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College Preparedness

The Importance of Equity in Financial Education

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As young adults emerge into adulthood and enter the complex landscape of personal finance, they face numerous choices and challenges.

Dr. Michelle Samuels-Jones

Senior Director of Equity, National Endowment for Financial Education (NEFE)

Financial education plays a crucial role in finances and our overall well-being. Unfortunately, many schools do not prioritize financial education instruction, leaving students unprepared to manage their finances and plan for their future.

A study by the nonprofit National Endowment for Financial Education (NEFE) reveals strong public support for teaching financial literacy in schools. A nationwide opinion poll found that 88% of Americans think their state should require a semester- or year-long personal finance course for high school graduation, with 80% of adults wishing they were required to take such a course during their high school years.

This widespread support reflects a growing awareness of the importance of financial education in preparing young people for adult financial responsibilities. However, for many, pervasive inequalities exist in the access to and the quality of courses. For example:

  • Only 5% of low-income or predominantly underrepresented schools require personal finance classes. In contrast, higher-income and mostly white schools are three times more likely to offer a dedicated course.
  • High schools with more than 75% Black or Hispanic students are half as likely to offer a course compared to schools with fewer than 25% Black or Hispanic students.
  • Rural high school students are over three times more likely to take a personal finance course than those in urban areas.

As we advocate for change, these disparities present an opportunity, particularly in K-12 education. To date, 25 states have implemented or are in the process of implementing a high school graduation requirement for personal finance courses — a significant increase from 2019, when just six states had such a requirement. This means just over 40% of all U.S. high school students will be required to take a course. While this momentum is encouraging, we must champion equitable practices that ensure effective financial education for all.

Trust and discrimination in financial services

Policy changes and targeted initiatives have increased access to financial resources and opportunities for marginalized and vulnerable populations, yet serious disparities persist.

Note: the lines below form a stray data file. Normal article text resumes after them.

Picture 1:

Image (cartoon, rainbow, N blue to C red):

Consumer trust in the financial system is among the systemic factors that impede access. According to NEFE, trust in financial institutions dropped in 2023 after several high-profile bank failures, with underrepresented groups experiencing the most significant decline in confidence. Overall, faith and confidence in the financial system dropped from 45% before the bank failures to 39% afterward. Notably, trust in financial institutions to act ethically and honestly also declined among various race and ethnic groups:

  • Trust among Black/African American adults dropped from 45% to 31%.
  • Trust among Hispanic/Latino adults fell from 50% to 36%.
  • Those identifying as another race, or two or more races, experienced a drop from 62% to 56%.

Discrimination and bias also prevent people from engaging with financial services. In another nationwide poll from NEFE, U.S. adults reported experiencing discrimination or exclusion within the financial services sector:

  • 16% say they have faced bias, discrimination, or exclusion.
  • 18% feel blocked or discouraged from engaging with financial services or products because of how they are designed, marketed, or offered.
  • Women (31%) are more likely to report negative experiences than men (11%).

Equipped for success

While financial education alone is not a remedy for discrimination and bias in financial systems, effective financial education is essential in equipping marginalized and vulnerable populations to better navigate the financial landscape.

Similarly, financial education is one part of a Personal Finance Ecosystem comprising many factors determining financial well-being. Therefore, our ability to reimagine and shape inclusive, equitable approaches in areas like budgeting, saving, investing, managing debt, and credit-building position financial education as a tool to help individuals gain confidence, make informed decisions, and be able to spot financial exploitation.

Policy changes and partnerships within the public and private sectors can further advance this goal. Still, we must have a shared commitment to ensure everyone across perspective, background, identity, and culture are expected to and can live their best financial life.

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